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Nearly 1,300 Idaho teachers left profession in 2011, up from 700 in the previous year

Nearly 1,300 Idaho teachers left the profession in 2011, up from about 700 the year before.

More than half of the educators who abandoned teaching last year left for “personal reasons,” according to data from the state Department of Education.

School districts reported another 96 teachers were fired and 85 were laid off in 2011, which is about the same as the previous year. The remaining 579 educators left to continue their education or because of military and family obligations. Other reasons included death, leave of absences or a spousal transfer.

But the number of teachers leaving the profession for personal reasons more than doubled to 697 in 2011, up from 314 in 2010, according to records that the Idaho Education Association requested from the state’s education department.

The statewide teachers union is saddened to hear more teachers are leaving but not surprised, said Idaho Education Association President Penni Cyr. She pointed to new education changes that were introduced last year to limit collective bargaining and eliminate job protections, among other things.

Idaho is also phasing in mobile computers for every high school teacher and student while making online courses a requirement to graduate under the plan, which shifts money from employee salaries to help pay for the changes. Public school chief Tom Luna wants the state to offset a planned $19.4 million reduction to salaries in 2013 under his reform plan.

“Teachers are demoralized all over the state,” Cyr said.

The changes backed by Luna have made the state less attractive to educators, said Cyr, who pointed to a drop in the number of Idaho teaching certificates being issued to people living outside the state.

Idaho granted 633 teaching certificates to educators living outside Idaho in 2011, down from 661 the year before.

Luna countered that his reform plan, called Students Come First, is not to blame.

The data showing more teachers are leaving the profession were collected before the changes were introduced into Idaho schools this year, he said.

However, legislation was approved in the final hours of the 2011 Idaho Legislature to speed up the effective date of the reforms. The move, which made the new laws go into effect immediately rather than July 1, aimed to take the steam out of a voter referendum on the sweeping changes.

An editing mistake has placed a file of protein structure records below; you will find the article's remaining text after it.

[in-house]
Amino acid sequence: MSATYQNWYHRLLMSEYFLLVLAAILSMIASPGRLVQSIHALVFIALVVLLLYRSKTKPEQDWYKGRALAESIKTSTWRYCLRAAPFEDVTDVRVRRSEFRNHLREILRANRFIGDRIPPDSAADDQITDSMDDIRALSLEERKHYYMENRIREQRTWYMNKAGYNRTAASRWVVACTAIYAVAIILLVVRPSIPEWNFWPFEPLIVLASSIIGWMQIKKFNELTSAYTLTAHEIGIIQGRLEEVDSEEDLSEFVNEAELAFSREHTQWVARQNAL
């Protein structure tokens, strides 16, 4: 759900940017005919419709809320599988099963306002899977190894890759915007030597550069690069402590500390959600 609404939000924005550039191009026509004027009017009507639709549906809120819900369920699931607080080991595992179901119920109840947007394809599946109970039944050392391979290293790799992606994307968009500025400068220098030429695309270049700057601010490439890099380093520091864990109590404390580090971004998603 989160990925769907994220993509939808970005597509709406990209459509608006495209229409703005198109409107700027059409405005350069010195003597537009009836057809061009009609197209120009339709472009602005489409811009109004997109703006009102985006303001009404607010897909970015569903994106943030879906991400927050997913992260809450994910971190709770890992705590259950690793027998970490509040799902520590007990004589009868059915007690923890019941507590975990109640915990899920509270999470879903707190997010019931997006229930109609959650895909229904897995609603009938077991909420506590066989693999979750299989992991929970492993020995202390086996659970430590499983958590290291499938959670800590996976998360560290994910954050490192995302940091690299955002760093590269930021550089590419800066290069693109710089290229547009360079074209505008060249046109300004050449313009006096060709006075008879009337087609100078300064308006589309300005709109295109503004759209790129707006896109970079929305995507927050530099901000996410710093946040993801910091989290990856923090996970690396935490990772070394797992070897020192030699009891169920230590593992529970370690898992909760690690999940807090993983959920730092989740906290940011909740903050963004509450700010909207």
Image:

Teachers bargained under the new laws last spring, the union said.

Luna maintains that the recession is more likely the culprit for why more teachers are breaking from the profession. For example, a teacher might have left to follow a spouse who lost his or her job and moved to another state to find work, Luna said.

“I think what you’re seeing is because of the economy,” he said.

Critics predicted that educators would flee Idaho because of the reforms and get jobs teaching elsewhere, Luna said, though data from last year show fewer teachers left Idaho for education jobs in other states. The number of teachers who left Idaho for an educational institution in another state dropped to 48 last year, from 119 in 2010.

“These numbers do not support the doomsday scenario,” Luna said.

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4 comments

  1. It’s also (as of 2/25) interesting that…

    “Half of all Idaho students qualified for the federal free and reduced lunch programs in 2011, the State Department of Education reports. That’s up from 37 percent in 2008. In the Boise School District, 47 percent of students now have family incomes low enough to qualify for free and reduced lunch.”

    Maybe the guys at Dolan Media are wussies, which I doubt, but the journalistic implications are clear, re: the good ship “Idaho’s Economy”. It’s taking on water rapidly and listing badly to port. If a business publication can’t take on the corrupt and stupid state political gang that’s responsible for all this (100%), that publication’s not going to be around much longer.

  2. The only thing that puzzles me about this story, is why anybody in Idaho might actually be mystified by it.

  3. I was about 5 years away from “making it to Rule of 90” — full retirement. I retired early, I left a profession I loved and worked hard at for 25 years. I left because of administration at the local and state level. I never required much from administrators over my tenure and actually with the exception of one phenomenal building administrator, Dr. Kathleen McCurdy, I didn’t have much contact with administrators. I never once saw a Legislator or any type of lawmaker, State Department personnel or other policy maker in the buildings in which I worked. I left because I couldn’t take the politics, the ineptness, and the laziness I witnessed in administrators. I paid my association dues for 25 years and never one second of any day of any year did I ever think I wouldn’t do my absolute best because I was “protected” by my tenure. I worked tirelessly for my students. Year after year I was part of the Sunday afternoon crowd you can find in any building preparing for the upcoming week. My last year I felt so beaten down that I couldn’t take it any more. I now volunteer teach in various capacities, in public schools, in private settings and in a local hospital. Now, I can just teach and not be bothered with the deflating, depressing, and debilitating politics. Teachers are not the problem . . .

  4. Until we replace Luna our education system will be one of the worst in the country. We are losing teachers to places like Wyoming that will pay them almost twice what we are paying our teachers in Idaho. We have more school districts in Idaho then both Wyoming and Utah together (a waste of money). We want to get new business in the state, but when your education system is so bad, why would someone want to bring their family here.